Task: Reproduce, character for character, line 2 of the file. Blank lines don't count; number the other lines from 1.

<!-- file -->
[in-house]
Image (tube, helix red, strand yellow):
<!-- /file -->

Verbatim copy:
Image (tube, helix red, strand yellow):